In addition, a few of your colleagues are visiting from Los Angeles (area code 310) and Montreal (area code 514) and would like to help. Your regular expression should match their phone numbers as well.

Valid phone numbers can be formatted in two ways. Some employees entered their phone numbers with parentheses around the area code (for example, (786)-375-6454), while some omitted the area code (for example, 786-375-6454). A few employees also entered their phone numbers incorrectly, with either greater than or fewer than 10 digits. These phone numbers are not valid and should not be included in the group chat.

import re
def party_planner(text):
    Returns all strings representing valid phone numbers with 314, 510, 310, or 514 area codes.
    The area code may or may not be surrounded by parentheses. Valid phone numbers
    have 10 digits and follow this format: XXX-XXX-XXXX, where each X represents a digit.

    >>> party_planner("(408)-996-3325, (510)-658-7400, (314)-3333-22222")
    >>> party_planner("314-826-0705, (510)-314-3143, 408-267-7765")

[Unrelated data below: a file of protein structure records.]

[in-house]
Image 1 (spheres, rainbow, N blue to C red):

['314-826-0705', '(510)-314-3143']
    >>> party_planner("5103143143")
    >>> party_planner("514-300-2002, 310-265-4242") # invite your friends in LA and Montreal
    ['514-300-2002', '310-265-4242']
return re.findall(__________, text)
return re.findall(r"\(?[53]1[04]\)?-\d{3}-\d{4}", text)

After creating your group chat, you find out that your friends in Montreal and Los Angeles can no longer attend the party-planning meeting. How would you modify your regular expression to no longer match the 514 and 310 area codes?

One way to do this is to use the | operator to match either a phone number with a 510 area code or a phone number with a 314 area code. The final regular expression looks like this: